This European community celebrates their love of flower growing with an annual parade comprised of flower floats. Where in the world is it?
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Stalin's "Road of Bones"
Note: I planned to write about travel to Oymyakon, the coldest inhabited place on earth, when I discovered the cruel history of the road one must take to reach the village. That horrific story is dramatized below, but feel free to move to my first idea of showing the beautiful slideshow of the determined people who eek out a living in Siberia.
I bend my fingers. At least I think it. They do not curl, or even feel. The truck hits another chunk of hard ice, throwing me and the rest of my comrades to the floor. An old man does not get up when the rest of us resettle ourselves.
“He is dead,” says a young doctor, after examining him. The physician earned his imprisonment for helping those who Stalin left to die. He turns to me. "Do you know where they are taking us?"
Poor man. Poor us. Should I tell him we will most likely die building this road linking the eighty or so gulags--the prisons for peasants and political dissenters like myself? That we have been rounded up to work the gold and platinum-rich mountains of Siberia for Stalin's economic plans?
I keep quiet. Already this frozen Kolyma Highway is called the Road of Bones for the dead bodies bulldozed into the road's surface. I close my eyes and pray for my people.
The character riding in the truck represents those who became a statistic from the 1930's until 1946. One will die for every meter of the 1900 kilometer road. Hundreds of thousands of victims will be frozen to death, worked to death, or murdered. The prison camps closed in 1954, and in 1956 many of the prisoners received a general amnesty by Nikita Khruschev. Read the history here.
Today there is a brighter note, but no less frozen. This beautiful slide show portrays the enduring power of the human spirit and exemplifies the lives of this determined people who make their home in Oymyakon, the coldest inhabited place on earth.
“The men are restless to spend their spoils, El Capitan. We should go ashore soon.”
The Spanish captain stood on deck, scanning the horizon. His first mate spoke truly. They had been at sea too long. Stilling his spyglass, he focused. And smiled. A ship lay in easy reach. They could come upon her before she made Boston harbor. He gave the order and his men swung into furious activity.
Bearing down on the passenger ship, the captain’s heart pounded. He could see the men scurrying around the ship, helpless. The women disappeared below deck. “Leave no one alive,” he ordered. He wanted no witnesses at his hanging, if he were ever caught for pirating.
Shouting, screaming, crying—all chaos broke loose when they boarded. Overrun, and facing certain death, the captives fell quiet. The captain raised his sword above the vanquished ship’s leader, but stopped his downward thrust when a baby’s loud wail broke the silence.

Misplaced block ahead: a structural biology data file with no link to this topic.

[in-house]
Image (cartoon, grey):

“Bring me the child,” he ordered the hostage captain, who returned from down below with a newborn baby girl. Distracted from his destructive intent, the captain ordered. “Who is the mother?”
The woman, still trembling from childbirth had climbed her way above board to save her child. “Don’t harm her, she’s mine,” she pleaded.
The captain’s hard eyes softened when the child quieted in his arms. “Si, she is. And I will not harm her--if you obey my orders.”
Fearful, the woman nodded. “What sir?”
“Name the child Mary, after my mother who died this year, and I will let her, and everyone else live.”
The mother fell to her knees and reached for the child. “Yes, sir. As you say.”
Whispering to his first mate, the captain handed the child back to her mother. “There is one more thing.” The hostages waited, holding their breath. Soon, the first mate returned with a large parcel and handed it to the captain, who removed the wrapping and exposed a roll of glorious sea green silk brocade. “When she marries, she will wear a dress made from this fabric.” The mother nodded, vigorously this time.
Tense looks of disbelief stared at him from both crews. “Back to the ship,” he ordered his men. Once they pushed off, he watched a crowd surround the woman. Now he would have to deal with his own men, lest they think he had grown a soft heart.
The baby was named Mary, wore the silk on her wedding day, and bore five children. Though this much of the story is true, the legend expanded, and now includes the pirate returning to wed the widow Mary, and Mary haunting their house.
Read more about Ocean Born Mary.
Clues to the next story: The road to the coldest town on the planet is paved with the bones of a million men.
Where in the world did this occur?
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Violent waves pounded the feeble boat in the blustery sea off the English coast. Ol' Mick struggled to grab the fishing net with his gnarled hands and helped hoist the heavy catch onto the deck. “Look at this, mates,” he shouted.
"Mother of…” one of the others exclaimed, “it be a merman!”
Sure enough, when Ol' Mick opened the net and pushed away the fish, there be a man, naked as the day he come into the world, ‘cept for hair coverin’ his entire body, and wi’ a beard down to his chest.